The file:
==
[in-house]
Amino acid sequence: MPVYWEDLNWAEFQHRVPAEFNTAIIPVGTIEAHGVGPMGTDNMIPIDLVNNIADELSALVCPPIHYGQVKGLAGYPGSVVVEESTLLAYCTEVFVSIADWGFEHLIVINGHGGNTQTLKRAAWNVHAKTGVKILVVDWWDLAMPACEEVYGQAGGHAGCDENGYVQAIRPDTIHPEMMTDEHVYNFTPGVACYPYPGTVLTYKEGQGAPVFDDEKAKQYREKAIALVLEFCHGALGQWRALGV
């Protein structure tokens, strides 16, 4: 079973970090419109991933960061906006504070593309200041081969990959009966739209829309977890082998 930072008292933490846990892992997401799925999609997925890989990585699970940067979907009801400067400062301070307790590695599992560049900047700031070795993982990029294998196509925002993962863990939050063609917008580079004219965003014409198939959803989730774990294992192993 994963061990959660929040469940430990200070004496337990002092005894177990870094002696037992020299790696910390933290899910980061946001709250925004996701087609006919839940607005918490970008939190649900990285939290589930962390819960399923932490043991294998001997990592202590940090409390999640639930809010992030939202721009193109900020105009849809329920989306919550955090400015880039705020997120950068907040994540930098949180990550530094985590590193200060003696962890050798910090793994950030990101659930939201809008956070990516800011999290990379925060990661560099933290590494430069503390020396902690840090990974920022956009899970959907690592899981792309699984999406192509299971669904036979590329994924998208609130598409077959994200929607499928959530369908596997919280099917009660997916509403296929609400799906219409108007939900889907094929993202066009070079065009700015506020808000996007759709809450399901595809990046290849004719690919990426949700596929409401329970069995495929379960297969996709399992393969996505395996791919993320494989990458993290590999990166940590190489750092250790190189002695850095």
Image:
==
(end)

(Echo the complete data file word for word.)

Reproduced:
[in-house]
Amino acid sequence: MPVYWEDLNWAEFQHRVPAEFNTAIIPVGTIEAHGVGPMGTDNMIPIDLVNNIADELSALVCPPIHYGQVKGLAGYPGSVVVEESTLLAYCTEVFVSIADWGFEHLIVINGHGGNTQTLKRAAWNVHAKTGVKILVVDWWDLAMPACEEVYGQAGGHAGCDENGYVQAIRPDTIHPEMMTDEHVYNFTPGVACYPYPGTVLTYKEGQGAPVFDDEKAKQYREKAIALVLEFCHGALGQWRALGV
């Protein structure tokens, strides 16, 4: 079973970090419109991933960061906006504070593309200041081969990959009966739209829309977890082998 930072008292933490846990892992997401799925999609997925890989990585699970940067979907009801400067400062301070307790590695599992560049900047700031070795993982990029294998196509925002993962863990939050063609917008580079004219965003014409198939959803989730774990294992192993 994963061990959660929040469940430990200070004496337990002092005894177990870094002696037992020299790696910390933290899910980061946001709250925004996701087609006919839940607005918490970008939190649900990285939290589930962390819960399923932490043991294998001997990592202590940090409390999640639930809010992030939202721009193109900020105009849809329920989306919550955090400015880039705020997120950068907040994540930098949180990550530094985590590193200060003696962890050798910090793994950030990101659930939201809008956070990516800011999290990379925060990661560099933290590494430069503390020396902690840090990974920022956009899970959907690592899981792309699984999406192509299971669904036979590329994924998208609130598409077959994200929607499928959530369908596997919280099917009660997916509403296929609400799906219409108007939900889907094929993202066009070079065009700015506020808000996007759709809450399901595809990046290849004719690919990426949700596929409401329970069995495929379960297969996709399992393969996505395996791919993320494989990458993290590999990166940590190489750092250790190189002695850095």
Image: